Freeman Brothers Funeral Directors has been arranging funeral services for over 165 years. Many of the knowledgeable and experienced staff members at our branches in Horsham, Billingshurst, Crawley and Hurstpierpoint have joined us from other industries, bringing a wealth of varied skills and talents to the team. The theme of today’s World Teacher Day is ‘Changing Course’ so Jennifer, from our Crawley branch, shares some of the lessons she learned in her former life as a secondary school teacher and explains how they help her to stay on top of things in her current role.
Before joining the Freeman Brothers family, every minute of my working life as a teacher ran to a shared schedule. Spreadsheets, calendars and planners guided every aspect of school life and, as an organisational system, it was as close to perfect as I’ve ever experienced. Though teacher workload is no doubt a very real concern, the systems and routines that underpin it are sound.
And it’s certainly a universal problem. Getting organised and staying on top of tasks is a challenge everyone encounters at one time or another – even without the added stress of grief or challenging life events – but it’s a cruelty of fate that, just when we feel the greatest need to be in control, we find it all the more difficult to see our way out of the mire.
After leaving teaching, one of the hardest adjustments I had to make was to once again become self-sufficient, retraining myself to manage my time without the safety net of a timetable. My solution? I treated my work as if I was still at school, applying many of the lessons I’d learned (and taught!) about planning and organisation. Here are a few of the best:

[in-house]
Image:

- Treat problems and challenges like a tough exam question: read it, leave it and come back to it. Our brains are extraordinary tools but – like most tools – they need to be given time to warm up before reaching their optimal performance level. When struggling with something, look through the information available but then move on to something else: your brain will continue to work on a solution and you’ll be amazed how clearly the answer will come to you when you eventually come back to it. Fair warning, however – don’t be tempted to ignore the issue completely: your brain needs all the facts if it’s going to have a fair chance at solving the problem!
- Plan from the end result backwards. When teaching new skills, an obvious requirement is to know what skills the student will be asked to demonstrate in their final assessment, but it’s easy to get bogged down or waylaid by tasks that are familiar or comfortable just to make ourselves feel productive – whether they help us to reach that end result or not! At the start of a project, spend some time describing your aim then work out the steps necessary to achieve it. This helps enormously with time management as you’ll begin with a realistic view of what needs to be done and how long it’s likely to take.
- Make an appointment with yourself. Your time is valuable and you are the best person to decide how it should be spent. Though flexibility and adaptability are qualities appreciated by others, don’t be tempted to work around other people’s schedules so much that your own priorities become meaningless. If it helps, schedule specific appointments with yourself and block out time to complete particular tasks: you’ll feel far less guilty about saying ‘No’ if the time is already accounted for.